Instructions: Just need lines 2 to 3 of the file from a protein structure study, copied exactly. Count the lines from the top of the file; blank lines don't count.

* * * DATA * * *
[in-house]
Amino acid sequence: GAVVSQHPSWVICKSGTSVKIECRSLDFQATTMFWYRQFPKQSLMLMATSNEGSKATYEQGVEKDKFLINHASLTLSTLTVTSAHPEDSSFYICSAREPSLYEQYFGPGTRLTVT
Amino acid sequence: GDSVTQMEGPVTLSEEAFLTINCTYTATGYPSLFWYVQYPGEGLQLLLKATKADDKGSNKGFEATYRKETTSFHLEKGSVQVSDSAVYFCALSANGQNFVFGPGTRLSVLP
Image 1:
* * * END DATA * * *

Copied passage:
Amino acid sequence: GAVVSQHPSWVICKSGTSVKIECRSLDFQATTMFWYRQFPKQSLMLMATSNEGSKATYEQGVEKDKFLINHASLTLSTLTVTSAHPEDSSFYICSAREPSLYEQYFGPGTRLTVT
Amino acid sequence: GDSVTQMEGPVTLSEEAFLTINCTYTATGYPSLFWYVQYPGEGLQLLLKATKADDKGSNKGFEATYRKETTSFHLEKGSVQVSDSAVYFCALSANGQNFVFGPGTRLSVLP